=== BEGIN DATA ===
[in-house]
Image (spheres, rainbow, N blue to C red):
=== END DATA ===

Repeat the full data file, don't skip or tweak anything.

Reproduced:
[in-house]
Image (spheres, rainbow, N blue to C red):